“I’m glad to see increased funding in this budget for programs that serve the needs of youth in our communities – notably the Illinois Violence Prevention Authority, Teen Reach, and the Neighborhood Recovery Initiative. These programs help ensure kids have a safe, secure and productive summer. The budget passed today also protects early childhood education, funds indigent burials and increases support for home health care. It is by no means an ideal budget, and real people will be affected by its cuts. At the end of the day, we need to direct dollars to our most vulnerable populations and our most critical priorities, and this budget is an effort to do that.”


Senator Jacqueline Y. Collins sponsored two pieces of legislation aimed at protecting the public from exposure to radon in homes and daycare facilities. House Bill 4665 was approved by overwhelming majorities in both the House and Senate and awaits the governor’s signature; HB 4606 has passed the House and will soon be called for a vote in the Senate. 

“Radon is the leading cause of lung cancer in non-smokers, and keeping radon levels low in homes and facilities must be a statewide priority,” Sen. Collins said. “The measures approved today move Illinois in the direction of safer homes and safer environments for our youngest children.”

The Illinois Emergency Management Agency (IEMA) estimates that radon levels in 36 percent of houses – more than one-third – are unacceptably high. Over 1,000 Illinois residents each year are at risk for lung cancer caused by radon because of prolonged exposure to the gas. Testing is the only way to determine if radon levels in a building are harmful.

“Making new homes radon-resistant and testing existing buildings for radon are relatively inexpensive measures, but taking steps to prevent and address radon build-up is priceless to those at risk,” said Sen. Collins, chief sponsor of the measure requiring radon-resistant construction. “Parents shouldn’t have to worry when they drop their children off at daycare that the building itself is dangerous to their health. It is high time to eliminate this common and preventable risk factor.”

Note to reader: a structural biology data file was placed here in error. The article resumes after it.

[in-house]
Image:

HB 4665 requires a task force to recommend standards for radon-resistant construction by January 1, 2013. All new residential construction in Illinois must include passive radon-resistant construction techniques. In most cases, this would involve a pipe running from the foundation to the outdoors to vent radon from the structure. Preventing radon from building up inside a new home is cheaper, safer, and less unsightly than mitigation done after a high radon level has been found inside an existing building.

HB 4606, sponsored by Sen. Heather Steans and co-sponsored by Sen. Collins, will require daycare facilities to test for radon at least once every three years, then post the results for parents to see. In-home daycare providers can purchase a home radon test for under $25; commercial facilities are required to hire a licensed professional when they test for radon, but IEMA officials say they are looking into including daycare providers in an online training program that currently teaches school district facility directors to conduct initial radon tests in schools.

Contact Info

Chicago Office:
1155 W. 79th St.
Chicago, IL 60620
(773) 224-2830

Springfield Office:
M114 Capitol
Springfield, IL 62706
(217) 782-1607